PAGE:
STUDENOK, Ukraine (Reuters) - A farmer living close to the frontline of war in Ukraine's east has converted his old cellar into a bomb shelter with only his last jar of pickles to eat, saying he feels more comfortable there than in his house.
Just 400 of the 1,200 pre-war inhabitants are hanging on in the village of Studenok in the Kharkiv region two months after Russia invaded Ukraine, and Artem Bogryap is one of them, saying he knows nowhere else to go.
"I am not leaving here, this is my land. My relatives are buried here. So I'm staying in place," he told Reuters on Tuesday during a welcome spell of calm in the village, as a small pot steamed over a makeshift camping cooker.
"The fighting is really close to here now, so it gets really frightening sometimes," he said.
Walking down a few steps from his yard into the cellar, he points out a door he has built on the side hoping it would help secure against collapse during shelling.
"It is already quite old, but I feel more comfortable staying inside," he said while sitting on a bench in the cellar.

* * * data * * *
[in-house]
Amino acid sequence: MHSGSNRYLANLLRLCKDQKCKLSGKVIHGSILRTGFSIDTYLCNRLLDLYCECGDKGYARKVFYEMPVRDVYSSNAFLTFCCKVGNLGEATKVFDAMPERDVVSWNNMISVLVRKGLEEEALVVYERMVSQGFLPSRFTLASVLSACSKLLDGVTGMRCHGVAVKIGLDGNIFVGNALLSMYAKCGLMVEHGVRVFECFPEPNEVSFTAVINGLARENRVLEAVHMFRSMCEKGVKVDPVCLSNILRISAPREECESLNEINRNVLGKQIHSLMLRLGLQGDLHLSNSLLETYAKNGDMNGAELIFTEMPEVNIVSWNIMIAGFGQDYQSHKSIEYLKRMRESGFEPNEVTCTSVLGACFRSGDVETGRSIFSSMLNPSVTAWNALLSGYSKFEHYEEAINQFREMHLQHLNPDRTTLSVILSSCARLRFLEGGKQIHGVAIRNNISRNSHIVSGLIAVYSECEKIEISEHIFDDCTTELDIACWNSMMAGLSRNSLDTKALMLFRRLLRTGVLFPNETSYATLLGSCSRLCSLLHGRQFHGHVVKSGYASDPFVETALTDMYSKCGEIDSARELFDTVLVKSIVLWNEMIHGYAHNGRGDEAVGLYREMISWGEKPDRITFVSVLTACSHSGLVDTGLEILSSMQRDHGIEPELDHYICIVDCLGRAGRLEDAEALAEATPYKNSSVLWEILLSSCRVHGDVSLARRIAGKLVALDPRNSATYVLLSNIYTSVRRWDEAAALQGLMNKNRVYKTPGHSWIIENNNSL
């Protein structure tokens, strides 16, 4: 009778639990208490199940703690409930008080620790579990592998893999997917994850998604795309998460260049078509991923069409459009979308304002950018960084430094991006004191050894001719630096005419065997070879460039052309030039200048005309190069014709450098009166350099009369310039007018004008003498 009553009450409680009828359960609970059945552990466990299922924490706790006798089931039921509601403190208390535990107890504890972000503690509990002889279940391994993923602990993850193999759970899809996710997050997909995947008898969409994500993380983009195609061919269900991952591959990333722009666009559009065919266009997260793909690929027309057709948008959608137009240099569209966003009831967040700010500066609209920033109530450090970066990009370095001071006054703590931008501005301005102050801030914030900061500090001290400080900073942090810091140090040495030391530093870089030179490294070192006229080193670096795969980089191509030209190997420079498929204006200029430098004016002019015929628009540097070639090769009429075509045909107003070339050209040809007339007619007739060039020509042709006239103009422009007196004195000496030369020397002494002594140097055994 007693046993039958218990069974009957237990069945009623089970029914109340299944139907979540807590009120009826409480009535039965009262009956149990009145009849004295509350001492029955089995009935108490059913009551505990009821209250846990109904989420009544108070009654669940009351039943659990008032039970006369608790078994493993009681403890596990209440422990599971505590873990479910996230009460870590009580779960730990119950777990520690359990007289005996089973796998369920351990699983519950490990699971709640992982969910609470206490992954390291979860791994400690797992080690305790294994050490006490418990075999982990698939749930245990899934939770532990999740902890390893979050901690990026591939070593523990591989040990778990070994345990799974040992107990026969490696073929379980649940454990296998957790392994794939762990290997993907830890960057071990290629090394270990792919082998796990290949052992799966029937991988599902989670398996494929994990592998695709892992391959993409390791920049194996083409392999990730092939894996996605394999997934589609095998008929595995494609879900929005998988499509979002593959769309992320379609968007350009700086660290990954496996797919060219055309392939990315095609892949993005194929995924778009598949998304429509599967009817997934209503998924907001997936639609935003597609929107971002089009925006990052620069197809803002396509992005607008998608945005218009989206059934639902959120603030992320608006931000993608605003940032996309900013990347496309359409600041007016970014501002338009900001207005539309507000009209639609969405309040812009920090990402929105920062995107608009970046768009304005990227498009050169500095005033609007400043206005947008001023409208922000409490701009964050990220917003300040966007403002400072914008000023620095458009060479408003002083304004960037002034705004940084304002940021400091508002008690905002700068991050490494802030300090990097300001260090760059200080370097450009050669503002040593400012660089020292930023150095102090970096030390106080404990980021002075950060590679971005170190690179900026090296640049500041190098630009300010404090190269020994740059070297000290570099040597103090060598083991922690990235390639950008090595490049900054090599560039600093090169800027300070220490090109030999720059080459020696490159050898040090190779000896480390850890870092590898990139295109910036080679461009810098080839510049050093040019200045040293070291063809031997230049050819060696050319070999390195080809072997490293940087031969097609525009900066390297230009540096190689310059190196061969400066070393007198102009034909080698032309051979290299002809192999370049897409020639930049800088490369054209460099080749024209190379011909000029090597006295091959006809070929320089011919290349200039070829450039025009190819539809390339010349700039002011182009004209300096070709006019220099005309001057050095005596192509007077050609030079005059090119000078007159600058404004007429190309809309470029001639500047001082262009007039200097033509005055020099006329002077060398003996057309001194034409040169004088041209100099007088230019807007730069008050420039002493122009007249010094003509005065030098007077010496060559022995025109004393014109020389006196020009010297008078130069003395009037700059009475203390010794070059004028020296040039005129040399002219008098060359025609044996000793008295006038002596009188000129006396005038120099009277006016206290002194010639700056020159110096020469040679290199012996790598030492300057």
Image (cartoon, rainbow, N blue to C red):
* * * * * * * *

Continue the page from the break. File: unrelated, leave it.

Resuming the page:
"This is a can of pickles, the last one. There is nothing here, just a passage to get through. You cover your head, but of course there's little (more) you can do."
Ukraine's general staff has said Russian forces are pressing their offensive in the Kharkiv and Donetsk regions and that they had captured several settlements.
Russia denies targeting civilians in the conflict and describes its actions as a "special operation" to disarm Ukraine and defeat fascists. Ukraine and the West say the fascist allegation is baseless and that the war is an unprovoked act of aggression.
(Reporting by Hamuda Hassan and Parniyan Zemaryalai, editing by Mark Heinrich)